Energy Drinks: Good For Energy, Bad For Your Health?
Life is crazy, right? Our schedules have us going 100 miles a minute and sometimes it feels like 24 hours isn’t enough in a day. So what do we do? We run to the fridge and grab a Red Bull, hoping it will give us the boost we need to help us get through the day. They may help you now, but are energy drinks helping you in the long run?
Tempting...but is it worth it?
Here’s the thing. It’s understandable as to why energy drinks have become the beverage of choice. You may need a little pick-me-up from pulling an all-nighter, or maybe you’re a little tired before practice. So, you grab one and slurp it down. Although you may feel a jolt of energy now, they aren’t necessarily good for your body. If you are using them to try and get a little energy boost before practice, it’s important to realize that although you may feel energized, drinks like Monster, Full Throttle, or fan fav Red Bell aren’t designed to help you feel good when practice is done. These drinks aren’t made to replenish and rehydrate your body like sports drinks such as Gatorade, Powerade, or good old fashioned water. So if you can, try to make the switch back to simple thirst quenchers!
The appeal of these energy drinks is that they are always accessible. You can probably find them in your campus cafeterias, on local drug and food store shelves, and even at some promotional events on campus. However, according to an article by Time Heathland called, “Energy Drinks May Harm Health, Especially for Children,” these drinks aren’t always regulated by the Food and Drug Administration (FDA) because they are referred to as “dietary supplements.” In terms we can understand that means the people who make these drinks don’t always have to play by the same rules when it comes to ingredients. The main ingredient being caffeine, which is one of the main reasons you’re drinking them, right?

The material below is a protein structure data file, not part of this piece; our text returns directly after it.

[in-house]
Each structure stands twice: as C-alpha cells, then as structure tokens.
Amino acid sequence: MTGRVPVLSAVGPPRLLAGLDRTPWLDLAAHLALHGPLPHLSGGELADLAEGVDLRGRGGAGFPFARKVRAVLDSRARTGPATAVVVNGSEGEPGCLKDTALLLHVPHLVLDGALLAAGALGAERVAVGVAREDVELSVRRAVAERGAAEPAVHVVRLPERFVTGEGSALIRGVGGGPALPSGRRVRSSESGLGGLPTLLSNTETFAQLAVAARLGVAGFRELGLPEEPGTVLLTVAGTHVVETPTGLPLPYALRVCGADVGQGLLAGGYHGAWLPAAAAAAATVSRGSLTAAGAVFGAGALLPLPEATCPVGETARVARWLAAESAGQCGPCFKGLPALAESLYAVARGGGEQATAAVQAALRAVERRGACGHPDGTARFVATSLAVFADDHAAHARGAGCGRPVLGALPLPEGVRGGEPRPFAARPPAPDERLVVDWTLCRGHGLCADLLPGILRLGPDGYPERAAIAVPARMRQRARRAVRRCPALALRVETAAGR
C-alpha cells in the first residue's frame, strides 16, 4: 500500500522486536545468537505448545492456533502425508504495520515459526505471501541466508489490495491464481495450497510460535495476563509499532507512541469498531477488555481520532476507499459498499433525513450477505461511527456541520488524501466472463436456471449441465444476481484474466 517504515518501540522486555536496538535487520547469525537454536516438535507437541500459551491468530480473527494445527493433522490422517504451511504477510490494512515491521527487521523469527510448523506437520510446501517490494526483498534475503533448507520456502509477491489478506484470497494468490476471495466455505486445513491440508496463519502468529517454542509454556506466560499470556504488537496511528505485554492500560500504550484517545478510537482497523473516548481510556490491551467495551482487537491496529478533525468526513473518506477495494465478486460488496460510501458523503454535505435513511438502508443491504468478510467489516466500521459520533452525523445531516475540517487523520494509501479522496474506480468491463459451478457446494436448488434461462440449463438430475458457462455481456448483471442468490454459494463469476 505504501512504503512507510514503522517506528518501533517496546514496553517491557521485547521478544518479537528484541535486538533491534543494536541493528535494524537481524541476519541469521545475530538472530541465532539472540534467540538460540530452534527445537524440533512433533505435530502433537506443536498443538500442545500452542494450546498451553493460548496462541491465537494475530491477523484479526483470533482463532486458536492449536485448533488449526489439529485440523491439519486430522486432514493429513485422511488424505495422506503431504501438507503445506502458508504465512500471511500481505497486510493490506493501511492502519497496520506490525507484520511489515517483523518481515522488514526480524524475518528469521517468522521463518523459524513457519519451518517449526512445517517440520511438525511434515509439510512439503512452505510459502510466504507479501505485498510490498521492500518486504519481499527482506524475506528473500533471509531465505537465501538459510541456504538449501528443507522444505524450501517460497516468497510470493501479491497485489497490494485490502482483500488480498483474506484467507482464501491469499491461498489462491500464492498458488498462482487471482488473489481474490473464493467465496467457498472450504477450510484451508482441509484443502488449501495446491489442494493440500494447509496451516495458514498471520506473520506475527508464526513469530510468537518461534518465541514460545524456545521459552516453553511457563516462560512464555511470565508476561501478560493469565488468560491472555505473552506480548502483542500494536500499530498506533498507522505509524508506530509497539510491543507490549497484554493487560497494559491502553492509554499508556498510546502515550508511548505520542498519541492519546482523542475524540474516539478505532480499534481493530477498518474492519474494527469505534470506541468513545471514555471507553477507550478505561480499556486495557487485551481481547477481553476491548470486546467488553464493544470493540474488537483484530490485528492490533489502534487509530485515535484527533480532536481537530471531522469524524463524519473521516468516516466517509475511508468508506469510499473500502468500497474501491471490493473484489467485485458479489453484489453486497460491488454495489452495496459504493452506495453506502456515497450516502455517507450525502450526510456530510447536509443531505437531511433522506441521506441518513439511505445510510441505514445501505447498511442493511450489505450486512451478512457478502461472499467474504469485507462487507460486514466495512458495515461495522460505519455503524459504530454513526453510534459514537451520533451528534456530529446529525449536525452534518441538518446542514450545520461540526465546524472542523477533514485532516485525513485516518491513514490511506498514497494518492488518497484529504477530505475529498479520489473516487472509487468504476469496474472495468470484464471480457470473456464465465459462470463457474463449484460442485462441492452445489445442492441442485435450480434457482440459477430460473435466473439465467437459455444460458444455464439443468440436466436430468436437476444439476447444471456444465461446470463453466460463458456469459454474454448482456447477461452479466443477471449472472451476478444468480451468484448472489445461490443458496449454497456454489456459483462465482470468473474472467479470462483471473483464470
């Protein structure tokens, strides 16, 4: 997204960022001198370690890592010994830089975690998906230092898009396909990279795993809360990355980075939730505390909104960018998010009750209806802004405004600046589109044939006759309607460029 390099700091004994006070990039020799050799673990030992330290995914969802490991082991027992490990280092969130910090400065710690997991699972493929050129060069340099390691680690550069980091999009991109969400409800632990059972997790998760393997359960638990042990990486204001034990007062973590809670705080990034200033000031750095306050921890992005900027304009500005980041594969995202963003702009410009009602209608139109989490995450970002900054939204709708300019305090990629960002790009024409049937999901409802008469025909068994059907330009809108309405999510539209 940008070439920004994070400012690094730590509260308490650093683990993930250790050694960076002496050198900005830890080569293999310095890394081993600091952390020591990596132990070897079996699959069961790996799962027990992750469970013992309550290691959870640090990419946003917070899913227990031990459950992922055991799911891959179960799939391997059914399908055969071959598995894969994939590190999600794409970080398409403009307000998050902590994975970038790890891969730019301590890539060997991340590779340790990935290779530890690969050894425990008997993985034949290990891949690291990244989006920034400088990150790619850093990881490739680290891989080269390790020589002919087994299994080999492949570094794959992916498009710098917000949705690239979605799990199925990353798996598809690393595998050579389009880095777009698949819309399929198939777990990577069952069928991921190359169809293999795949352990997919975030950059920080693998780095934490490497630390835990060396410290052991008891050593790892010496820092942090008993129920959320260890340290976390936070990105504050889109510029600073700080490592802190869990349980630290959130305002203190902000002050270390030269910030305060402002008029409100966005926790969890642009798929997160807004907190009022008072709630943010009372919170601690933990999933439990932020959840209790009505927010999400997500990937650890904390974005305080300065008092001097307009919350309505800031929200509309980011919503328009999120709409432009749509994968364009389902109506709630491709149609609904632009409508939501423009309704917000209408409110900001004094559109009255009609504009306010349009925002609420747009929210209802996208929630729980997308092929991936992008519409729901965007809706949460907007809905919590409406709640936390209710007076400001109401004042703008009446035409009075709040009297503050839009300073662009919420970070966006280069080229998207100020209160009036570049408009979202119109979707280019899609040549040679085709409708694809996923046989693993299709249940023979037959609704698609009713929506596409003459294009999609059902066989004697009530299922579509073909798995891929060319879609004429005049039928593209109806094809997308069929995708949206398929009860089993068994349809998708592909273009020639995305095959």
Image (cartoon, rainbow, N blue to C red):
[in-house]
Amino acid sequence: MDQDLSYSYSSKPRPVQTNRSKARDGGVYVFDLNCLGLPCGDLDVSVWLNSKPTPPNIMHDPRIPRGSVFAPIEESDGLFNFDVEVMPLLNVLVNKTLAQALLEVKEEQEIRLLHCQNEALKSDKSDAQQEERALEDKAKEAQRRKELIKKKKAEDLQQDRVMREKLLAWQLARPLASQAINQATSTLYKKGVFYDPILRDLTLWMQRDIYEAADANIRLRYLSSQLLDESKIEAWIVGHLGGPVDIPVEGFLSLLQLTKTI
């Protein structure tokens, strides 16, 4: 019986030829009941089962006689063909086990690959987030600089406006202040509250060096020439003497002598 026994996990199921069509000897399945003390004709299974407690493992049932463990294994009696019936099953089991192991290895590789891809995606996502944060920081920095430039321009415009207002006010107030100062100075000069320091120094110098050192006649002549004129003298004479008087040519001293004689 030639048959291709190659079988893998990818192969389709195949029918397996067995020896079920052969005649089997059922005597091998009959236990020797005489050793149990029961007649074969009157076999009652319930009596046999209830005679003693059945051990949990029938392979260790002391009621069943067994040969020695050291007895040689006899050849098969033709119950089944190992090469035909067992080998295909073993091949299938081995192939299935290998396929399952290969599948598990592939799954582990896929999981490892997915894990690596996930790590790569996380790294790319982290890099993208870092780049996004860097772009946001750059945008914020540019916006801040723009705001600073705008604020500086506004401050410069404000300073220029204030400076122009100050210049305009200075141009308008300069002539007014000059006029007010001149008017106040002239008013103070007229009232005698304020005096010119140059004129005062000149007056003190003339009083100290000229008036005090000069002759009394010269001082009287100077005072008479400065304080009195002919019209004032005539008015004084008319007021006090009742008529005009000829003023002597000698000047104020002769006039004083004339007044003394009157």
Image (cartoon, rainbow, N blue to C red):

Now none of this is meant to scare you, because we all need Red Bull’s “wings” to help us get through the day sometimes. After all, we are only human and it’s important to know the facts. Having an energy drink every now and then is perfectly fine, but when consumed regularly and over a long period of time, it can do more harm than good. It can affect how your body regulates sugars from food. Even more shocking is that some of the energy drinks we love and adore have up to three times more caffeine in them than the average can of soda.
The caffeine intake, among other ingredients often found in these drinks, can often keep you up at night. This may be exactly what you want at the time, but if you’re drinking a couple a night it could end up having the opposite effect. Drinking them to keep you awake may ultimately cause you to become more tired, creating a monster of a vicious cycle – pun intended.
What should you take away from all of this? Energy drinks are OK to consume when you feel it is truly necessary. It is all fine and dandy to gulp one down while cramming for a history midterm or maybe even one between your back-to-back three-hour seminars. Sometimes tan energy boost every once in a while can be a necessity. Just remember that similar to life, too much of a good thing can sometimes be a bad thing – and these drinks are no exception! The key is to become aware of the effects the beverages can have on you. If you are reading this with a energy drink in your hand, it’s OK, don’t freak out! Just be sure to wait a few days before you indulge in an energy drink again!